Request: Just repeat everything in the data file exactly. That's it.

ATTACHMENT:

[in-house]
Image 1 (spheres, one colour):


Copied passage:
[in-house]
Image 1 (spheres, one colour):